Friday, 20 May 2011

MEPs want Security Council seat for EU

Following on from my "US and EU" post , here's the latest from Daniel Hannan:
No sooner does the EU upgrade its status at the United Nations than MEPs demand a place on the Security Council. One by one, the EU has acquired the attributes and trappings of statehood. Now, it is awarding itself the legal status, too.
After an unreasonable amount of digging on the hateful Europarl website, I was able to find this text among the 'Texts Adopted' on Wednesday, 11 May 2011 (Strasbourg):
34. Welcomes the adoption of the UN General Assembly Resolution concerning the EU's participation in the work of the UN on 3 May 2011, which takes into account the institutional changes introduced by the Lisbon Treaty and enables EU representatives to present and promote the EU's positions in the UN in a timely and efficient manner; considers it essential to engage with the EU's strategic partners in order to find solutions to major regional and global problems; recommends, furthermore, that strategic partnerships be given a multilateral dimension by including global issues on the agendas for the EU's bilateral and multilateral summits; invites France and the United Kingdom, as permanent members of the UN Security Council (UNSC), and in accordance with Article 34(2) TEU, to request that the VP/HR be invited to present the Union's position whenever the EU has defined a position on a subject on the UNSC's agenda; takes the view that the European Union should be represented as such in multilateral financial organisations, in particular the International Monetary Fund and the World Bank, without prejudice to Member State representation;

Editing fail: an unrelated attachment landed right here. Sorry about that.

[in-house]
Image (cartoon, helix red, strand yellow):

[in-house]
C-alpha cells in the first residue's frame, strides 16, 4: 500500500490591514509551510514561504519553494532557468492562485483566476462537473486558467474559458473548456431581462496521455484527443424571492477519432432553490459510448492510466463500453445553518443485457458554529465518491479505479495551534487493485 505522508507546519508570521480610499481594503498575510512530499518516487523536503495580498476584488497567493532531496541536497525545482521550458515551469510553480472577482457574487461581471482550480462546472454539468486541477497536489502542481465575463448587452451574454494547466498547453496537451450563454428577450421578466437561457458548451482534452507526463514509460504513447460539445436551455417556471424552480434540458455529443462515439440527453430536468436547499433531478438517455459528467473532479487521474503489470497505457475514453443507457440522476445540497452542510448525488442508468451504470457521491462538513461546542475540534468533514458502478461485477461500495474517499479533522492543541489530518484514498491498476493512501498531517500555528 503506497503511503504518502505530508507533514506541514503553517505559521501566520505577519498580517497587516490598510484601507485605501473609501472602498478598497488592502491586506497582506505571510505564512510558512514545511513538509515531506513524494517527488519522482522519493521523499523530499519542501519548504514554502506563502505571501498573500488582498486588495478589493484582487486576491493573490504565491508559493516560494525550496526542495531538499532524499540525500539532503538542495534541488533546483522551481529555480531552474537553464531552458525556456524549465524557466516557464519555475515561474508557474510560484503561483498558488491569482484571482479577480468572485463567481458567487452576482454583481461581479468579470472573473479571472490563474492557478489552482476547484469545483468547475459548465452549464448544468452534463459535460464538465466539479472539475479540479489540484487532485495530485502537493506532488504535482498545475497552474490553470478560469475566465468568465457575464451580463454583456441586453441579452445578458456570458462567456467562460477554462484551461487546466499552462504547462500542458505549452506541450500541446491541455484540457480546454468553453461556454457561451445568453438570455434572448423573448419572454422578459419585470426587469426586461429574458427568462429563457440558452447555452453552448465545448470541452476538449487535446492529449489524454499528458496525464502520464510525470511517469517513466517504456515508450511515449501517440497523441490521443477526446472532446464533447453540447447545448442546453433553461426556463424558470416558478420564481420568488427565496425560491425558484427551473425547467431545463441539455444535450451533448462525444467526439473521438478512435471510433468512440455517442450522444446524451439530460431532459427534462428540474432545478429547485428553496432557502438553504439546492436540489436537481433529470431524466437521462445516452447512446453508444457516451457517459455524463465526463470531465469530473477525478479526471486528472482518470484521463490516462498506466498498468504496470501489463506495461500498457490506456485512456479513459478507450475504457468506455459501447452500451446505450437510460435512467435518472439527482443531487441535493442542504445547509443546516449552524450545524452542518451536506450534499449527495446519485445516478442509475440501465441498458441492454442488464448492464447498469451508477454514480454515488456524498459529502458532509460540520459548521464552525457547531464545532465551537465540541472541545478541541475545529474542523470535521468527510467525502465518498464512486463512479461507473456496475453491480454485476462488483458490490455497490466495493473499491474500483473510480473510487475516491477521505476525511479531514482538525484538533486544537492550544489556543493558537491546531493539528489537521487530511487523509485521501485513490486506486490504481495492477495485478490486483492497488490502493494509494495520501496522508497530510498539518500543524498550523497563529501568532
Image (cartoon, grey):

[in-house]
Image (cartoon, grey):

I'm not sure whether this is what Daniel was referring to, or if there was more, but the Eurocrats' desires are clear.

Just as it doesn't make sense to have a common currency without "economic governance", it doesn't make sense to have a Foreign Minister without a military. In both cases, the EU is conscious of the discrepancy, but hopes to achieve the latter by first introducing the former.


Incidentally, I hadn't realised that Catherine Ashton ("the VP/HR") was a Vice-President of the European Commission as well the High Representative of the Union for Foreign Affairs and Security Policy. Apparently there are several of the former, and the HR is chosen from among them as "First-Vice-President".


  1. This is already something that is de facto in place. Post Lisbon treaty, both France and UK's seats on the Security Council are expected to vote in the manner dictated by the High Representative.

  2. Interesting. Is this actually mentioned in the Lisbon Treaty, or just an informal arrangement? Can you provide some links with more info?